Writing style aside, I am Legend has a strong story and a protagonist that one becomes truly invested in, even at times when we utterly hate him. Throughout the book I found myself truly put off by Neville, with his constant drinking and the near ridiculous fixation with ogling the dead ladies shaking their stuff out on his front lawn. Seriously, I know he’s hard up, missing his wife and all, but in all those excursions to Sears for constructions supplies, could he not have stopped off at a Bath and Body Works for some hand lotion to help him chill out a little bit? It was such a persistent focus for him that I was actually a little worried for the poor dog he kidnapped and dragged into his bedroom.   

As for the inconsistencies others have mentioned, and the weak science, I chalk that all up to an unreliable narrator. Neville reminds me of some uncles I have who are basically field workers who picked up a couple physics books in their spare time and now have delusions of being nuclear physicists. I’m sure they have some knowledge and understanding, but my eyes glaze over when they start telling me how the world really works…mostly because I’m pretty sure they have misread or misunderstood about 90% of what they’ve read, and if I do more than smile and nod, I just might call them on some of their crap. In Neville’s world, there is no one to call him out on his intellectual mistakes, and no one who knows more about the situation than he does, so as unreliable as he is, he’s our only expert, and we have to just take his word for things. It comes off to me more as character building than world building, because this is just his understanding of what has happened -- it may not be the truth.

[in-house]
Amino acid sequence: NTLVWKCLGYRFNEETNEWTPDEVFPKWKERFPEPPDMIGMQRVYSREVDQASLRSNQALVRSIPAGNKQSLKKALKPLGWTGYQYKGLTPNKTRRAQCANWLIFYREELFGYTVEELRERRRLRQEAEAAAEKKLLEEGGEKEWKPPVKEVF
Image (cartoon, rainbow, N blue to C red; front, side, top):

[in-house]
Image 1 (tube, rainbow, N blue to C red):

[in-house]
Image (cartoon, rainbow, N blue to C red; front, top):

On the subject of the dog. There is a general rule of storytelling, especially in movies that says “Never kill the dog.” You can kill as many people as you like, blow up as many buildings, shoot all the hostages, but when you kill the dog you are treading into some very dangerous ground. Many a book has been rejected simply because someone kicked a cat or was cruel to a puppy in their anger. It’s just one of those unredeemable acts. When an author kills the dog, he runs the risk of getting a truly violent reaction from his readers, and may not just lose them for that one book, but for all books that come after. That said, I love how Matheson handled this in his book. There was this huge build up of him promising to help the dog, to take care of the dog, and then very suddenly, “In a week the dog was dead.” This is a slap in the face turn-around, and it hits you hard. But it also happens off screen, so to speak, so those who might have a serious visceral reaction to it have that blow softened a bit. 

In the Will Smith version of I Am Legend, the bond with the dog begins early, and yes, for most people, the dog dying has a bigger impact in the film than it does in the book. You might also note, however, that there are tons of people who refuse to even see the movie after hearing what happens to the dog, so it is debatable how much more effective this method was over the book’s take.

Personally, I am all about killing the dog and kicking kittens. That the movie allows us to become so invested in the dog, and then rips our guts out by killing her, just makes me that much more of a fan. 

I believe out of all the movie adaptations and rip offs of Matheson’s I am Legend, from The Last Man on Earth, to The Omega Man and Will Smith’s I am Legend, the latter came the closest to being true to the original theme of the book, and it only in an alternate ending.